Invisible Stranger


Invisible Stranger

Collecting Crises on Old Compton Street and Beyond

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Little Tinker

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Friday, August 06, 2004
Frozen Food
When I was young and pretty (and that's a thousand years ago), I had no problems making new friends, or even new "friends", for that matter. Most people on the London scene knew me, some of them actually quite liked me, and, at best, the others tolerated me even when I was being my most sickeningly cute. And believe me, no-one could do cute as sickeningly as me. Still can't, come to think of it.

Inevitably, there was one person immune to my puppy-dog charms. Probably a couple of years older than me, and with classic all-American college-boy good looks, he could have stepped right out of the pages of GQ magazine, back in the old days when it was practically a gay soft porn title. On a scene which, even today, is predicated on youth and "beauty", and you're over the hill at twenty-five, he turned heads and broke hearts with alarming regularity as he cruised up and down the queer streets of 1980s Earl's Court and Soho.

Of course, he was very probably a hairdresser from Halifax with a small willy and a fake tan, but that wasn't the point. The point was that, while realising he was way out of my league, I still so much wanted to get to know him, and for him to like me. I was even more of a superficial Stranger back then than I am now, and I thought that maybe if he became my friend then some of his beauty and coolness would rub off onto me.

Yet whenever I attempted to engage him in a non-chat-up and casual conversation, he would sneer superiorly, and look down his oh-so-perfect nose at me, awarding me the kind of look I usually reserve for doggy-doo on the shoes, before flouncing off back to his plastic-perfect friends, and leaving me feeling about two inches tall, and slightly less alluring than Baby Jane Hudson. He didn't care. With those sort of looks he could afford to be as nice or as off-hand to any mere mortal he chose.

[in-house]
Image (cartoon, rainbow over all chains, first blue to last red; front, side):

Years ago, he vanished off the main gay circuit, and I'd forgotten all about him until last night, when I spotted him on London's Old Compton Street. Although he was still vaguely good-looking in a kind of distinguished older gentleman way, he'd obviously seen better days, the eye-tucks hadn't quite taken, and the hair dye wasn't fooling anyone. And when after twenty minutes not one person had fallen worshipful at his Gucci-clad feet, he reluctantly decided to try and strike up a conversation with the Stranger who happened to be standing next to him at the bar.

Now, the way I saw the situation, I had two options. As a caring, sensible and reasonably together fortysomething member of the homosexual community, someone who insists that looks aren't that important (much), I could ignore the imagined slights and the frosty hauteur of twenty years ago, and respond pleasantly to him. Who knows? There might even be a mercy-shag in it for me. Certainly no-one else in the bar seemed much interested in even chatting to him. Then again, as a shallow, unforgiving, vicious, spiteful and frankly bitter old queen, I could freeze him out with all the haughty sub-zero disdain he'd once shown me.

Which course of action did I take? Oh, do grow up, my children. Which course of action do you think I bloody well took?

Life is sweet. And the dish on last night's menu was served especially cold.